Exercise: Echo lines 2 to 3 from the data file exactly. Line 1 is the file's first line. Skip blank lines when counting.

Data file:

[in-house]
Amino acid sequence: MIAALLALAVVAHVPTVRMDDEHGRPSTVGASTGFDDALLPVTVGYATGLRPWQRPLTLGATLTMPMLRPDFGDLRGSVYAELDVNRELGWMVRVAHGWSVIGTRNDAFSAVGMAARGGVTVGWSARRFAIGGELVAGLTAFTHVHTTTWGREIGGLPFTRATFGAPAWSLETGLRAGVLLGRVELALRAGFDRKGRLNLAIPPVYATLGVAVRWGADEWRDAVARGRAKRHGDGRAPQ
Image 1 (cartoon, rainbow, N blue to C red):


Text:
Amino acid sequence: MIAALLALAVVAHVPTVRMDDEHGRPSTVGASTGFDDALLPVTVGYATGLRPWQRPLTLGATLTMPMLRPDFGDLRGSVYAELDVNRELGWMVRVAHGWSVIGTRNDAFSAVGMAARGGVTVGWSARRFAIGGELVAGLTAFTHVHTTTWGREIGGLPFTRATFGAPAWSLETGLRAGVLLGRVELALRAGFDRKGRLNLAIPPVYATLGVAVRWGADEWRDAVARGRAKRHGDGRAPQ
Image 1 (cartoon, rainbow, N blue to C red):